Is there a way to stick to a budget and keep up with modern technology?

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It is nearly impossible to get in touch with my mother-in-law. (Yes, I know there are people DYING to have this sort of problem.) And surprisingly, it’s because of modern technology. Years ago we could just call the house and she, or someone who was home, would pick up.

Because of the advent of cell phones though, it’s instead become a headache of new phones, new phone numbers, swapping lines and more. She currently uses basic cell phones with a set number of minutes on them. She has two of these phones, but I only have the number for one of them. (My husband has four or five numbers for her.) That means at ANY point in time, without knowing, I could be calling the wrong number. Like the other day when I had to pick her up at the airport and kept calling, for 40 minutes, with two kids in the car, trying to figure out where she might be. I called my husband, who eventually got in touch with her, and we were able to pick her up.

A working cell phone is important for times like these, but also as she’s gotten older for us to frequently check in on her. We’ve tried numerous times to get her a new phone, which works for a short time before someone she knows convinces her to “switch it up,” which leads back to our other issues. We’ve had a house phone put in for her with her internet, which she subsequently canceled when she switched providers without telling us.

In an effort to keep in touch with her, (and lessen our exasperation) she has now decided she wants a new phone, and as such we get to navigate the mire of the smartphone landscape and its myriad options.

I spent the last few days researching phones and plans for her to find her the best deal for what she wants, and still, don’t have the best answer. She doesn’t really want to “pay” for a phone, but gone are the days where you got a “free” phone with a two-year contract. Or if they are “free,” they come with caveats such as $30 a month service fee just to have the phone connected. She also wanted to investigate the option where she would buy a phone outright, and then just buy phone cards and data cards and put “minutes” (for lack of whatever they call this nowadays) on her phone. I knew this would lead us back to our current situation.

There were options to put her on our plan or put her on her own plan with a wireless carrier such as MetroPCS or Cricket. I even came across Google Fi, a new wireless plan from Google that was an option.

It can be hard choosing a wireless plan nowadays because replacing a phone, or even buying a new phone, is no longer $200 or less. Today’s phones are miniature computers, and cost as much if not more than some actual laptop and desktop computers.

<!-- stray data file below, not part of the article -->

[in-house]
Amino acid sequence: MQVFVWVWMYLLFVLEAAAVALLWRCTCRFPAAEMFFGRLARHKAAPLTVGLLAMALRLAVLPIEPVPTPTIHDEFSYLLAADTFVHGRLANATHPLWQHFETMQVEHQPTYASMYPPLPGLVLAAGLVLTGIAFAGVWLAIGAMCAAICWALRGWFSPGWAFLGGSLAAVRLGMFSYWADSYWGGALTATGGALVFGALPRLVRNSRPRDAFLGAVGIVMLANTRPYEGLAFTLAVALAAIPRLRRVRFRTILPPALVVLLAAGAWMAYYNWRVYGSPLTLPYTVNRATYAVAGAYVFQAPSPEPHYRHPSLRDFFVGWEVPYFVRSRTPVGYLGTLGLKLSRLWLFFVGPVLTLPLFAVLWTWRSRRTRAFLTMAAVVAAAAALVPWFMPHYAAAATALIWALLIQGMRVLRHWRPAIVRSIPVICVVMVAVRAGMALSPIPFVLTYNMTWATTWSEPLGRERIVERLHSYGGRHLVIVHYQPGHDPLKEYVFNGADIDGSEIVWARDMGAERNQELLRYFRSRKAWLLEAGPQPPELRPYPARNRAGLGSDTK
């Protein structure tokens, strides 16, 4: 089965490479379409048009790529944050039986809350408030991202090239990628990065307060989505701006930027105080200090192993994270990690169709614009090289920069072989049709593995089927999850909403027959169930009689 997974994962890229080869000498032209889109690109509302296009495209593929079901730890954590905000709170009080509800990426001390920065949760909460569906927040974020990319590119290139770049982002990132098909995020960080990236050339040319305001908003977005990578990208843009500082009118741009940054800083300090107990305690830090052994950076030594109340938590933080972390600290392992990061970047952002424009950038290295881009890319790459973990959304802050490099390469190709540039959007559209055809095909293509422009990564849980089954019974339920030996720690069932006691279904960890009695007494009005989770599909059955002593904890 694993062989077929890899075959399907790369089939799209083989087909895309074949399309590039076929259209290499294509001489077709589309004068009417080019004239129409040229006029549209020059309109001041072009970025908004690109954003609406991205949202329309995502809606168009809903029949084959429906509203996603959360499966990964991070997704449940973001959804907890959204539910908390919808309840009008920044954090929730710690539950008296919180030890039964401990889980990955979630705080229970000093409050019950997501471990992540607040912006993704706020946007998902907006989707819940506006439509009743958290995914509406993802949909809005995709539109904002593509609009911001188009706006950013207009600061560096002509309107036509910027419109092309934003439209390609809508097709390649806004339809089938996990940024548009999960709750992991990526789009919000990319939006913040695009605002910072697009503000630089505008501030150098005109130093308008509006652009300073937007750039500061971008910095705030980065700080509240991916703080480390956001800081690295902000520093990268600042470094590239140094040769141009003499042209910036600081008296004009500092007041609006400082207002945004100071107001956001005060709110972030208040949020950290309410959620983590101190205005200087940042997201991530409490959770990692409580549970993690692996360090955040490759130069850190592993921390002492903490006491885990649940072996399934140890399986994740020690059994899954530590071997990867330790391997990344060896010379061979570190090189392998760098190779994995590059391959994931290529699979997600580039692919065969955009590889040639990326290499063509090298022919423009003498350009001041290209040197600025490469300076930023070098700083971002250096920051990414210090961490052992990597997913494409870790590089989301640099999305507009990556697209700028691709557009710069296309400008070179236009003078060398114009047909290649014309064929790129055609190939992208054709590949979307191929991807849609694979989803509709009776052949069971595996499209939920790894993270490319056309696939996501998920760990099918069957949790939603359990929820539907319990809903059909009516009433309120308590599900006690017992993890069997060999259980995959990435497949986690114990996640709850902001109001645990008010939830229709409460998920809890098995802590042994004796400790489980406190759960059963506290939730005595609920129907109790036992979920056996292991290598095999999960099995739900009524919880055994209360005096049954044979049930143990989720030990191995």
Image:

It baffles me how those on a limited budget can even afford this kind of necessary modern technology. For a new iPhone, and not even the latest generation one, it would cost around $700, or $30 a month for 24 months. This is on top of the monthly plan, which could cost upward of $80 a month for unlimited data. It’s similar for many of the other well-known cell phone brands and other providers out there. I did find some cheaper pricing on various plans and providers, but my concern was that if she needed to contact the company for some reason, it could be difficult and she could wind up going back to her old phone ways.

After days of research online and stopping in the AT&T store, the Sprint store and calling MetroPCS, we chose to put her on our plan with a new iPhone 8. Another plan may have been cheaper, however, there were a few other things we had to consider:

  1. My husband’s phone was no longer working properly, and he needed a new one. The AT&T deal offered him a free phone if we added one to the plan.
  2. The bill would automatically be paid every month by us, so we wouldn’t need to worry about missed bill payments or if there were suspicious charges on her account.
  3. We have control over the account. This means that if she has any issues with her phone or service, she wouldn’t need to worry about trying to handle the problem herself. We could take care of it for her, and it wouldn’t be too difficult.
  4. We wouldn’t have to worry about spotty service. Obviously, this isn’t a guarantee, but having a reputable provider can mean better service in more places.
  5. She needed an iPhone. We toyed around with the idea of a Google phone, but at the end of the day, she wanted to be able to video chat with her grandchildren. Although there are plenty of other apps out there for video chats, (What’s App, Skype, Google Chat, Facebook Messenger, etc.) iPhone makes it easy with FaceTime.

Meet the Author

Jessica Patel

Jessica Patel

Contributor

Jessica Patel is an award-winning editor and writer living in Los Angeles. She previously served as deputy editorial director of T Brand Studio at The New York Times and as Senior Editor and Analyst of Bankrate.com.

Budgeting & Saving, News, Tech

Very Personal Finance

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Article last modified on October 22, 2018 Published by Debt.com, LLC . Mobile users may also access the AMP Version: Expensive but Necessary: Buying a Smartphone for my Mother-in-law - AMP.